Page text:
food pantry

The Christmas season brings about what most of us consider the holiest time of the year, when we celebrate the birth of Christ and the desire for peace on Earth and good will to men.  

We hear about the “peace” and “good will” so much this time of year that some consider those terms clichés. It certainly brings out the best in many of us, as we see with the annual Christmas Crusade that Sheriff Jason Ard has directed in his six years in office, was started by his predecessor and mentor, Sheriff Willie Graves.

The toys are certainly a great means of making the season a little brighter and bringing more joy to children and adolescents. As in similar crusades in neighboring parishes, many of the more fortunate folks donate either cash or toys to the events.

Aside from the toys, another area not only for the kids, but the entire family: Food on the table.

For many, the need for food poses one of the biggest challenges. It hits hard during the Christmas season, as well as the other 51 weeks of the year for many families.

Livingston is one of 11 parishes served by the Greater Baton Rouge Food Bank, which has endured its own challenges in recent years.

Within the scope of the region, 133,000 households fall under the category of “food insecure,” which means few grocery items are in the pantry or refrigerator. The total includes 42,000 children and 46,000 senior citizens.

As the husband of a schoolteacher, my wife often tells me stories of how some students dread the thought of holidays or summer vacation. It’s not because they love school as much as they dread the thought that they may miss meals because of a lack of food.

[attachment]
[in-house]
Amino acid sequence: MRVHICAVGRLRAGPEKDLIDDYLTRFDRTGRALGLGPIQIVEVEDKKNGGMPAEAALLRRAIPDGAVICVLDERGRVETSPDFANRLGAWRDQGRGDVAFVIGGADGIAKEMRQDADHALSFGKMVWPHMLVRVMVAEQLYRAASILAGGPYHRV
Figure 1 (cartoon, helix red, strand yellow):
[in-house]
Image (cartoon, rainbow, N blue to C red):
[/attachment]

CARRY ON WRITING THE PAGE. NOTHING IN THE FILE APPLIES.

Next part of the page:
It’s the same basis that started Mighty Moms here in Livingston Parish several years ago, and that program has grown leaps and bounds to help provide food packages for students from needy families.

Churches also play a big role, either in doling out food items provided by other groups, or through their own collection efforts. But their resources cannot meet the demands since there’s only so much to go around.

These struggles prevail in a society obsessed with owning the latest and greatest of so many material items. It may be the latest incarnation of smart phones, gadgetry, automotive, TVs and sound systems … the list goes into infinity.

Others only wish they could afford three meals a day, something for which so many of us take for granted.

We hear so much this season about how we should think about the needy, which makes it the ideal time to consider the donations to the various groups that collect food for the less fortunate.

The Food Bank, for example, has taken quite a hit in recent years due to natural disasters – including the 2016 floods. Donations to the Food Bank, Mighty Moms, faith-based organizations and other entities are great ways to help year-round. Generosity and care for others should not be limited to holidays.

If anything else, think how often many of us look into our pantry and figure out what we will fix for dinner … so many choices. We may not want that and instead decide to eat out somewhere. At the same time, remember that many folks – some possibly in our own neighborhoods – only wish they could have that privilege.

Donations to food drives are always a great idea this time of season, but it shouldn’t stop there. Consider the other 51 weeks of the year, since the struggle never ends for many of them.

When we count our blessings this time of year, perhaps we should think how we can provide the same privileges we take for granted.

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